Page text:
The two managers differ widely in their assessment of aftermarket sensors, however, with Pearl dismissing replacement sensors that “don’t pick up readings” as “more headache than they’re worth,” and Ryan praising them. “There’s very, very few that when you install them you have any issues.”
Ounce of Prevention
Especially vulnerable or not, the only real key to preventing corrosion is proper maintenance of the parts. That’s why the service packs, which contain replacements for every small part that attaches to the valve stem – the nut, valve core, valve cap and any rubber gaskets necessary to seal the valve stem hole – are so important.
Some customers might think the service pack is really just a boondoggle so that shops can charge more, but nothing could be further from the truth. It’s critical to change these parts often to ensure proper TPMS function, to keep corrosion from taking hold inside the threads, and to keep the rubber gaskets from drying out and cracking.
“It’s really just like the old days,” Ryan said. “Whenever we were going to do a tire, we’d replace the valve stem. It’s the same principle, basically. You have rubber in there – it dries out, the seal may leak from that. You don’t want that to happen.”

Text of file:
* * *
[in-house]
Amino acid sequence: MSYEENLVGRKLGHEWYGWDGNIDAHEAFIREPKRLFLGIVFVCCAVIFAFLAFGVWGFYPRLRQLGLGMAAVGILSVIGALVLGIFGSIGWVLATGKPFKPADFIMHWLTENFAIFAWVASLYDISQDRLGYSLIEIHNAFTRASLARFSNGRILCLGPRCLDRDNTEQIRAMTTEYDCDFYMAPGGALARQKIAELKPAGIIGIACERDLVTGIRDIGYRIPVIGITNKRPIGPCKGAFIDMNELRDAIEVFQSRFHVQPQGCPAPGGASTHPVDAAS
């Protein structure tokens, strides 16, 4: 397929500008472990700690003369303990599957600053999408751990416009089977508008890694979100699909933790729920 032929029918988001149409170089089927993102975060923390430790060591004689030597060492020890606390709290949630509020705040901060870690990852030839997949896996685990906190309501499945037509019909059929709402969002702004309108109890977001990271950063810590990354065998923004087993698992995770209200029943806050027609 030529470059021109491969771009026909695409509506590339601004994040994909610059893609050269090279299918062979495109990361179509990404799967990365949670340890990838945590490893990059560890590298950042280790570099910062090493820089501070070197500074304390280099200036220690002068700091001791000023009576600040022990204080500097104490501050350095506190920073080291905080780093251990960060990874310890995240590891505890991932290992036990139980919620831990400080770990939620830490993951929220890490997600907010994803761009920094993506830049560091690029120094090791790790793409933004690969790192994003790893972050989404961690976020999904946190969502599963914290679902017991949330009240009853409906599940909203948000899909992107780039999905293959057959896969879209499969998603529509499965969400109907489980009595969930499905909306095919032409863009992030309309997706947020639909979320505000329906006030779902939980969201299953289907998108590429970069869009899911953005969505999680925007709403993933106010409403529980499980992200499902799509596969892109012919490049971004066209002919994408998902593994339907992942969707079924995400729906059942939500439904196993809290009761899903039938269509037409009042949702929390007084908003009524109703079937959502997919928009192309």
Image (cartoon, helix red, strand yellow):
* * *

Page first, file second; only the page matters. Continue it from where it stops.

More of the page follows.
As for customer opposition, Ryan said he has not seen any problems with the cost of service packs because “they cost pretty much the same as a valve stem used to cost.”
Communication is Key
As difficult as it may be to deal with corroded valve stems, dealing with the customer can sometimes be more difficult if not handled correctly. Everyone we spoke with stressed the extreme importance of communication at every step.
Cudgma noted, “It comes down to the communication. If the communication is handled properly and the customer is informed, there are no surprises. But if you break it and then inform the customer, it normally doesn’t go real well.”
What that means is tell the customer first if you even think that a valve stem might break. If you predict to the customer that something might break before it happens, when it does happen, they will at least know it was not out of carelessness.
Ryan stressed the value of being prepared for possible issues. “And if you know of some vehicles that usually have more [corrosion] problems than others, like Dodge or Chrysler, for instance, you know who to tell, ‘Hey, we’ll probably have a problem. We’ll try not to, but…’”
“If we’re going to service the tire and it looks like the TPMS sensor is going to break or require replacement, then we inform the customer prior to starting the job,” Cudgma said. “If we end up breaking it and we haven’t informed the customer, we replace the sensor at no charge.”
It also means you have to let the customer know honestly what the expense might be.
“Some people will get frustrated,” Ryan said. “I don’t think they realize the expense that can be involved with TPMS. It’s like with early run-flat tires. People didn’t realize they were going to last 30,000 miles, that there was no spare and they were going to have to spend $1,200 for a replacement set. People are starting to get used to it.”